Although Avast is one of the largest companies in the world that produces antivirus software, this doesn’t mean that their foray into the world of VPN’s will deliver a product of the same calibre.
VPN’s are very different from almost any other software type because there is a lot more going on behind the scenes that most people don’t see.
Can Avast deliver a product which keeps you safe as much as their antivirus products?
That is what this Avast review aims to look at.
What is Avast Secureline?
Avast Secureline comes from a company which is based in the Czech Republic. They are one of the top suppliers of antivirus and other security products for a number of operating systems.
When you look at an Avast antivirus review, the company is always well praised for high-quality products.
There VPN product does come from a solid background, and now we will see if the Avast customer reviews are right, and they do deliver an excellent VPN service, or they are hoping their antivirus reputation will bring in the customers.
Features and Benefits
First, we will take a look at what Avast Secureline delivers in terms of features because this is one of the quickest ways to find out if it can match other VPN providers.
Avast Secureline works on PC, iPhone, iOS, Android and Mac so it covers most of the major platforms. It does unfortunately only provide 55 server locations which are spread over 34 countries. Compared to other providers, this is a small network.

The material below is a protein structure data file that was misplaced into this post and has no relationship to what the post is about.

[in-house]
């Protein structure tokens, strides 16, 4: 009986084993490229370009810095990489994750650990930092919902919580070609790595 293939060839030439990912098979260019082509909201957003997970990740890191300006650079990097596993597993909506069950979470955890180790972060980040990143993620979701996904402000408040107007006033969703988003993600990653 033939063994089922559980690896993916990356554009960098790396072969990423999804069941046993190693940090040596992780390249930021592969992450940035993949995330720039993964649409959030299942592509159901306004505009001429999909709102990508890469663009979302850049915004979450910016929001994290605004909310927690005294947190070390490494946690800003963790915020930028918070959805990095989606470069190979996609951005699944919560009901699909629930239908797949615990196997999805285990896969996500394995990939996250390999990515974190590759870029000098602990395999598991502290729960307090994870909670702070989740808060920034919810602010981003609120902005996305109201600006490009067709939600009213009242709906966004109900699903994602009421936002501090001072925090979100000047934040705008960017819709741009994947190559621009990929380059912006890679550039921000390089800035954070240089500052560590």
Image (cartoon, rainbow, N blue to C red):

Installation is easy on the desktop, and once running the small program sits in the system tray and doesn’t interfere with any other parts of your computer. It is also lightweight and won’t drain any additional system resources when in operation.
On the security side, it is nice to see the service using the same protocols as other market leaders.
These are IPSec and OpenVPN on UDP with AES 256-bit encryption and are military grade standards. However, it is only Windows and Android which use OpenVPN while on Apple devices they opt to use IPSec.
When using Avast Secureline on a mobile device, it is great to be presented with an interface which is as clean and easy to use as the desktop counterpart, but, it is also small enough to not bog down the phone or device.
Further on security, the service offers a killswitch, so if your VPN connection drops, all your applications are terminated from the internet until it is restored. Another built-in feature is DNS leak protection.
This is crucial because any leak of your data can give away your IP address. The area this can be vital is if users are taking part in torrenting. It is nice to see they take internet security as a priority.
Torrenting is supported, but this isn’t on all servers, and because they are limited in server numbers, New Zealand torrenters might find slower than usual download speeds.
Once installed, users are presented with a very simplistic looking interface. This makes it very easy to use with only a server to connect to, or having Avast Secureline start at the same time as your device and it detects your home network internet connection, or if it spots a public Wi-Fi connection that is unsecured.
In terms of other security features, there is nothing else users are able to change in the Avast VPN apps.
There has been a love-hate relationship with Avast Secureline and Netflix, and at the moment, it appears they are blocked again. Other streaming services might be able to be accessed, but sadly, the main one isn’t one of them.
During testing, we put the VPN through its paces to see if the companies claims were right. In the right region they were above average, but not the best, and when tested to the remote areas such as New Zealand, or any other part of Asia, the speeds dropped quite significantly.
But, this can be understandable for a company which has a small VPN network and only a small number of servers.